Is Facebook equipped to handle far more intimate personal data after their previous privacy scandals?
Facebook Dating, which has existed in other countries since last year, went live in the US Yesterday, September 5th. This is definitely in the hopes that Facebook can compete with existing dating apps like Tinder, Bumble, and OKCupid.
This announcement comes days after the company admitted to exposing more than 419m user IDs and phone numbers online, a glitch in June 2018 that made private posts of 14 million users public, and another breach in September 2018 which compromised the data of 50 million users.
That not being all, in a separate scandal, in 2018 it was revealed that the company improperly harvested the data of millions of users through a partnership with political campaign firm Cambridge Analytica.
Jason Kelley, a digital strategist, said that the Social Media giant’s phone number breach underlies a concerning inability to determine whether privacy concerns have been effectively resolved. The numbers exposed were hoarded using a tool Facebook disabled in April 2018 after the Cambridge Analytica privacy scandal.
“Facebook says the dating service is secure, but how do we know it won’t realize a few years from now it was not as protected as it thought?” Kelley said. “It gives us pause when things they have changed years ago are still being shown to cause problems in terms of data privacy.”
How will Facebook Dating work?
Facebook being already a part of people’s lives whether they’re looking to date or not makes things a bit unusual. However, the app is making attempts to clear most of those complications by making Dating as separate as possible from its regular app.
First of all, users must opt into the service, then create an entirely distinct profile. Reputably, the dating site does not show users their Facebook friends, and also gives people the ability to remove friends of friends from their potential matches. One also has the option of blocking specific people on Facebook from seeing their dating profile. However, users can message one another without matching first.
Facebook dating links users with potential matches based on location, indicated preferences, events attended, groups, and other factors. It will also integrate with Instagram and offer a feature called ‘Secret Crush‘, allowing users to compile a list of friends they have an interest in (crush on), to be matched with if the crush lists them as well.
On Secret Crush, you can add up to nine Facebook friends or Instagram followers to the list, and if they secretly crush you back, you’ll both get notified. Although, the feature only works if both people have set up Facebook Dating profiles; Crush *A will not get notified if you add his Instagram account to your Secret Crush list, and even then you can only do that if Crush*A is following you.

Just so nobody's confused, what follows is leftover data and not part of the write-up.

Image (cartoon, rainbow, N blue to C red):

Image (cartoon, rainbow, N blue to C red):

Yesterday marked the beginning of Facebook Dating’s integration with Instagram, which is owned by Facebook. Users of the dating site can now add their Instagram posts directly to their profiles besides adding IG followers to their crush list. But that’s not all as Facebook says it will include the ability to add Instagram Stories to profiles by the end of the year.
All this is good progress for the company but many of us have a big question at the back of our minds, is Facebook really equipped to handle far more intimate personal data?
The concern is because of the $5 billion Federal Trade Commission fine Facebook got slapped with, a penalty they settled back in July over privacy concerns. This was by far the largest penalty ever against a tech company, not to forget there is also a new antitrust investigation ongoing.
Anyway, Facebook has praised the new privacy and security features within the dating service, this includes the ability for users to share plans and location with select friends when going on a date. Users can also hide their dating profiles from friends of friends to avoid disclosing sensitive information like sexual orientation.
Notwithstanding all this, you can’t blame the many who are skeptical. A company mired by numerous privacy scandals should not be entrusted with helping users with the private journey of finding love.
“If you’re trying to avoid dating services that have red flags, you can’t really find one that has more red flags than Facebook,” Jason Kelley, a digital strategist at online privacy nonprofit the Electronic Frontier Foundation said.
“They have a terrible track record of keeping user data safe.”
If Facebook can’t be trusted with your phone number, can it be trusted with safeguarding the name of your secret crush? Experts say no.
Where else is Facebook Dating available?
With Facebook hoping to crush Tinder and change the status of the roughly 200 million singles who use it, the company has officially launched its dating service in a select few locations, with other test markets coming soon.
Currently, Facebook Dating has been released in Argentina, Bolivia, Brazil, Canada, Chile, Colombia, Ecuador, Guyana, Laos, Malaysia, Mexico, Paraguay, Peru, Philippines, Singapore, Suriname, Thailand, United States, Uruguay, and Vietnam.
Upcoming Facebook Dating release dates include Australia, by the end of 2019, and Europe sometime in early 2020.